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May 17, 2018

B.C. begins to roll out new highly reflective paint on provincial highways

VICTORIA — Lower Mainland drivers will soon have an easier time seeing road lines on provincial highways, as the B.C. government begins to roll out new highly reflective paint.

The Ministry of Transportation has begun painting more than 3,000 kilometres of roads in the Lower Mainland, Pemberton, Victoria and Duncan with a new specialized formula of paint that contains larger, higher-quality, reflective glass beads.

The beads will make it easier for drivers to see the yellow and white road lines when it’s dark and raining, and address long-standing concerns from municipalities that previous highway paint was hard-to-see and quick to wear off from the roads. Highway 1, the provincial highway that cuts through Metro Vancouver from Abbotsford to North Vancouver, will be one of the roads to get the new paint.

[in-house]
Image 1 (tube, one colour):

The changes are part of a $4-million boost to the ministry’s annual highway budget, which will help cover new, five-year maintenance contracts with private companies that will be required to paint 20 per cent more highway lines throughout the province, add second coats to areas where paint fades the quickest and better monitor the condition of highway paint on provincial roads.

“It’s absolutely money well-spent,” said Transportation Minister Claire Trevena. “It’s a bottom-line safety thing. It’s worth the investment because it’s not going to just make people safe, but ensure they are driving more safely because they can see where the lanes are and where the edge of the road is.”

Disappearing highway lines has been one of the Ministry of Transportation’s top complaints since 2010 when Ottawa banned the oil-based highway paint commonly used by most provinces and left them scrambling to find alternatives. B.C. switched to a lower-pollution alkyd paint for coastal and northern roads, and a water-based paint in the Interior, but both were less durable and neither lasted an entire year.


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